I was thinking about my walk through the neighborhood yesterday with Mommy and Riley and I remembered my walk from H-E-double hockey sticks! I decided that would be good to share on Memory Monday. As a side note, the other dog in the story didn’t actually die like we thought. The Lady who owned him came by our yard sale last month and told Mom that she made her husband take him to the no-kill shelter so he would have a chance, and the person at the shelter called her later to tell her that the monster dog got a good home. Just so his new home isn’t in my neighborhood!!
June 8, 2014
Hysterical. Yes, I was hysterical. Wouldn’t you be hysterical if someone had hold of your tail with their teeth and was trying to tear it off? Wouldn’t you be hysterical if that same someone had already bitten you in the butt? Wouldn’t you be screaming your crazy head off if all that was happening to you? You know you would. There is a time for hysterics, and that was it.
It was a lovely day for a walk through our peaceful neighborhood with my Mom and brother Riley. There are no sidewalks and only cars from the neighbors go by, so we were all strolling down the middle of the road toward the cul-de-sac. Suddenly, seemingly out of nowhere, a smallish white and brown terrier came tearing at us, curving around our right side where Riley was walking. Later, as her excuse for not rescuing me sooner, Mom related that everyone got behind her and she couldn’t see what was happening. As she turned to look, all three of us kept circling behind her so it took her what was a very long minute to quickly turn the other way. Her first thoughts were that Riley was attacking and killing the interloper. The screams were deafening. When she finally got us all in front of her, she saw the horrible terrier was trying to tear off my tail. That was me screaming! At that point she had the presence of mind to grab me up into her arms and chase away that vicious creature. What, you may ask, was Riley doing all this time? I’ll tell you what – standing there like a big dope with his tail tucked between his legs, looking all worried.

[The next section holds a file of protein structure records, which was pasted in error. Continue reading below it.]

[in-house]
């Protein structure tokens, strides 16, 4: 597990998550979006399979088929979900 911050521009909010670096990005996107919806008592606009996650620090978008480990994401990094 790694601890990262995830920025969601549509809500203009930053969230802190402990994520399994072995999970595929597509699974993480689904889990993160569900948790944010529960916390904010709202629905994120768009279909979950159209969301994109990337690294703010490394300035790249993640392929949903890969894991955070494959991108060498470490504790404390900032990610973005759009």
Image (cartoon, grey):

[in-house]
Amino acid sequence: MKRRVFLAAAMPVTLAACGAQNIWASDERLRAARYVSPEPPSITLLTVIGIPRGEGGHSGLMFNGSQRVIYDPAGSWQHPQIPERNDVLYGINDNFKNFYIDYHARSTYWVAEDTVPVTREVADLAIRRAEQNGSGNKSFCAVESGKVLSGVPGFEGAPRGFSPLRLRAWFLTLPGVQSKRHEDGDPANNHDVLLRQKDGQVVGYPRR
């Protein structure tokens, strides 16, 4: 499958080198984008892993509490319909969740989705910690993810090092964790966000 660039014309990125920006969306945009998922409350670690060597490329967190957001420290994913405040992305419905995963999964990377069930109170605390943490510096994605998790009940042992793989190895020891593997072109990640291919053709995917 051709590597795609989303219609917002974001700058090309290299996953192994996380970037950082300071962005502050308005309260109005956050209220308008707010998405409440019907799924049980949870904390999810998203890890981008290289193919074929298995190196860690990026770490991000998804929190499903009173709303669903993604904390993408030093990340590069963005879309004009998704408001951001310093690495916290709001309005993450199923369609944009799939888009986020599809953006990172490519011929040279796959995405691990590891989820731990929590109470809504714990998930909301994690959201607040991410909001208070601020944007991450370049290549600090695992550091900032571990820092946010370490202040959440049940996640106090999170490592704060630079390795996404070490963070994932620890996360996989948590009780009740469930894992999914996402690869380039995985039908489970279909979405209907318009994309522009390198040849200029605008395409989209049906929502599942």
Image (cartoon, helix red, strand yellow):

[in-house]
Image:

This dog’s mom came running out wanting to know if I was ok. Of course I wasn’t ok! Didn’t she hear me screaming!? I wasn’t shaking, so everyone must have thought I was ok. I was probably in shock. In my mind I had gone to my happy places: Someone should have administered first aid. Ice cream to the tongue is usually the best. But I was bleeding. Now, I could be vindictive and tell you what breed this little monster was (not schnauzer, I assure you). But I hear there are good dogs in this breed, so I won’t try to prejudice you against them. I think this one was just crazy as bat poop. Her mom said she was thirteen years old and had always attacked any dog she could get her teeth into. My Mom said she would inform her if there was a vet bill. Egads, could the day get any worse?
So here we go back down the road toward home, me all dog bit and Riley all tucked under, and what happens next? A car bearing a very little girl stops next to us, the window rolls down, and the lady driving the car says, “Oh, my daughter loves dogs! Can she see them?”
This would have been a good time for me to go running into the woods, but Mom had that pinch collar thingy on my neck and I couldn’t get away.